Reviewed by Grant Leishman for Readers' Favorite Death is for the Living by JC Steel is an epic vampire fantasy that takes the reader on a journey from the Caribbean all over the world, as Cristina Batista and her partner Jean are caught up in vampire machinations that reach the very pinnacle of vampire society. Cristina and Jean are part of a team of vampire hunters who roam the Caribbean on the yacht Artemis, looking for and destroying vampires as they go. Both of them, though, have pasts that are perhaps not compatible with the idea of vampire hunters. Christina was almost changed several years earlier, but somehow was able to stay human and Jean, indeed, was a vampire, changed several centuries ago, until a witch gave him the power to become human again. Both, for different reasons, have great motivation to kill the most powerful vampire in the New World, but their journey will be fraught with danger, fear, and an extreme sense that this might be the end of both of them. In Death is for the Living, we find a different type of vampire tale that helps to lift this book above ordinary vampire-hunting stories. Author JC Steel’s style is relaxed and readable, dropping little nuggets of information about the backstories of both Cristina and Jean as the reader progresses through the book. The conflict and suspicions between the characters is one of the highlights of this story, especially those of the hunters who, although on a common mission with a common purpose, don’t know each other that well. Steel does a good job of defining the two main characters and their relationship, which is both somewhat co-dependent but also extremely loving and beautiful at times. The character of the renegade vampire de Vallejo and the witch Mama Gale could have been fleshed out more fully in my opinion as a reader. I was certainly left wondering more about these two. Still, this is a solid, readable vampire fantasy, with the promise of more to come in future iterations of this story.
ReadersFavorite 3 days ago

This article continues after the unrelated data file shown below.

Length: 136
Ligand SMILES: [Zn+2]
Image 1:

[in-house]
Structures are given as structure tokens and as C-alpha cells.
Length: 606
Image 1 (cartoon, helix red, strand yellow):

Reviewed by Jack Magnus for Readers' Favorite Death is for the Living is an urban/action and adventure fantasy novel written by J.C. Steel. Cristina Batista and her partner, Jean Vignaud, had previously hunted vampires on their own, their sleek ship able to cruise unobserved, for the most part, into just about any of the Caribbean ports of call the vampire hunters called home. They were now part of a group with two other hunter-teams sharing a larger yacht. It was a relatively uneasy change in circumstances. Jean had serious misgivings about the situation, especially when Cristina was paired off with Sean, the younger and less experienced hunter, whose recklessness seemed an unfair burden on her. On their last foray, Sean and Cristina had found a vampire staked out for execution by the sunrise. Their spur of the moment decision to bring him aboard unleashed all manner of condemnation upon them. Why had he been staked, and what purpose did they have for rescuing one of their sworn targets? How would they keep this vastly more powerful being under control or should they simply kill it? That act of mercy was to prove a catalyst that brought the simmering undercurrents of the Artemis to a head. J.C. Steel’s urban/action and adventure fantasy novel, Death is for the Living, has something for vampire and naval adventure fans alike. Happily, I find both genres to be enjoyable, and settled in for an exciting and enjoyable read. Steel’s book actually exceeded my expectations. The sailing and storms-at-sea scenes are superb, and the underlying historical vampire tale is top-drawer entertainment. Steel’s plot is ingenious and riveting, and his writing is flawless and flowing. His characters have depth, credible histories and staying power. Yes, pirates, vampires, vampire hunters and storms at sea can exist within the pages of one book -- and they do it so well in Death is for the Living. It’s most highly recommended.